The Politics of Timor-Leste explores the critical issues facing the Asia-Pacific’s youngest nation as it seeks to consolidate a democracy following years of international intervention. The authors study the challenges that have burdened the state since it broke from Indonesia amid the violence of 1999 and formally achieved full independence in 2002. They assess the notable accomplishments of Timor-Leste’s leaders and citizens, and consider the country’s future prospects as international organizations prepare to depart. A close study of Timor-Leste sheds light on ambitious state-building projects that have been initiated, with varying success, across the globe.
Contributors to this volume map the nation’s recent political evolution through studies of its constitutional debates, political parties, and foreign policy responses to powerful neighbors. They address the social and economic conditions that complicate Timor-Leste’s political development, such as gender discrimination, poverty, corruption, and security-sector volatility. The contemporary history of Timor-Leste reflects the experiences of many postcolonial and developing countries that have sought to establish a viable state following conflict and a declaration of independence. This small nation has been the subject of five consecutive UN missions with varying mandates. The Politics of Timor-Leste ought to serve as a key source for comparative postcolonial studies and a guide to future trends in international state-building and assistance.
The Politics of Timor-Leste is an essential reference point for anyone concerned with the most important political issues to be addressed by the country in the coming years. Its authors provide a comprehensive overview of political parties, and the electoral and judicial systems, and describe the main aspects of development strategies implemented since independence. Insightful analyses are presented of key areas, such as the politics of gender, informal security groups and social movements, and strategies for decentralization. Bringing these topics together in one volume provides a highly useful guide for assessing the possibilities for the continuation and development of democratic processes within Timor-Leste.—John G. Taylor, Professor of Politics, London South Bank University, author of East Timor: The Price of Freedom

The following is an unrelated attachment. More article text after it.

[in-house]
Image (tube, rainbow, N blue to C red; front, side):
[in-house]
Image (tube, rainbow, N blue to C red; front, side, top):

What the Reviewers Are Saying
“[T]he powerful indictments in this book should make it essential reading for policy makers.”—Gerry van Klinken, Pacific Affairs
The book’s breadth enables the reader to understand the emerging political and democratizing arena in which such themes [as development, justice, and gender] can be explored and understood … Those readers seeking information on and analysis of the party political and political institutional aspects of Timor-Leste will be rewarded … the book—quite unique in its focus and specificity—will serve as a timely port-of-call for professionals from a variety of backgrounds—such as international relations/politics, NGOs, conflict resolution, development education …”—Paul Hainsworth, Policy and Practice: A Development Education Review
Michael Leach is an Associate Professor in Politics and Public Policy at Swinburne University of Technology, Melbourne, Australia. He has written extensively on East Timorese politics and history, and worked as an adviser to Timor-Leste’s Ministry of Education and Secretariat of State for Youth and Sports. He is a founder of the Timor-Leste Studies Association.
Professor Damien Kingsbury is Director of the Centre for Citizenship, Development, and Human Rights at Deakin University. He was coordinator of Australian NGO observer missions to Timor-Leste’s ballot for independence, and its 2007 and 2012 elections, and is a regular visitor to Timor-Leste. He is author of East Timor: The Price of Liberty, and editor or co-editor of two other books on Timor-Leste’s politics.
Tim Anderson, University of Sydney; Deborah Cummins, Peace and Conflict Studies Institute of Australia and National University of Timor-Leste; Rui Graça Feijó, University of Coimbra; David Hicks, Stony Brook University, New York; Professor Damien Kingsbury, Deakin University; Michael Leach, Swinburne University of Technology; Andrew Marriott, lawyer and adviser to AusAID in West Africa; Sara Niner, Monash University; James Scambary, academic and research consultant; Pedro Seabra, Portuguese Institute of International Relations and Security; Dennis Shoesmith, retired, Charles Darwin University; Adérito Soares, Anti-Corruption Commissioner and former member of the Constituent Assembly; Bu Wilson, independent consultant and ARC Centre of Excellence in Policing and Security.